- Dan Kitwood/Getty Images
- Emmerson Mnangagwa was declared the winner in Zimbabwe’s first presidential election since Robert Mugabe was deposed last fall after four decades in power.
- On Wednesday, Zimbabwe’s ruling ZANU-PF party won the majority of seats in parliament, though candidates needed more than 50% of the vote in order to secure the presidency.
- Opposition leaders have rejected the results.
- The election announcement follows bloody clashes between police and protesters this week, who accused the nation’s ruling party of rigging the election.
Emmerson Mnangagwa was officially declared the winner in Zimbabwe’s first presidential election since Robert Mugabe was deposed last fall after four decades in power.
The country’s electoral commission announced the results early Friday morning local time. With votes from all of the nation’s 10 provinces tallied, ZANU-PF leader Mnangagwa gained 2.46 million votes (50.8%) against his opponent Nelson Chamisa’s 2.15 million (44.3%) votes.
“Thank you Zimbabwe!” he wrote. “Though we may have been divided at the polls, we are united in our dreams.”
On Wednesday, Zimbabwe’s ruling ZANU-PF party won the majority of seats in parliament after sweeping the election, though candidates needed more than 50% of the vote in order to secure a victory.
ZANU-PF has ruled the African nation since its independence in 1980, and walked away with 145 parliamentary seats. Opposition Movement for Democratic Change (MDC), led by Nelson Chamisa, grabbed 63 seats, along with two other small factions gaining one seat each.
Following the vote count announcement, authorities removed opposition officials from the electoral stage after they rejected the results. Chairman of MDC Chamisa said the vote count could not be verified.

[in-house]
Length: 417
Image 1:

The election announcement follows bloody clashes between police and protesters this week, who accused the nation’s ruling party of rigging the election. At least six people died as soldiers were brought in to disperse the riots.
Mnangagwa said in a statement that he believes the violence was meant to disrupt the electoral process, and holds Chamisa and the opposition party responsible for the “disturbance of national peace.”
- Dan Kitwood/Getty Images
He later wrote in a series of tweets that he was communicating with the opposition party to diffuse the situation. “This land is home to all of us, and we will sink or swim together,” he wrote.
This year’s election is the first in nearly four decades in which the former president Robert Mugabe was not a candidate.
The 75-year-old Mnangagwa took over for Mugabe after the military seized control of the capital Harare and state media.
Mnangagwa, who previously served as Mugabe’s vice president, was initially fired by the former leader and fled the country claiming threats on his life. The move triggered military intervention and led to Mugabe’s uneasy resignation.
According to the Associated Press, the streets of Harare remained quiet following the vote announcement, as military personnel continued to patrol the city center.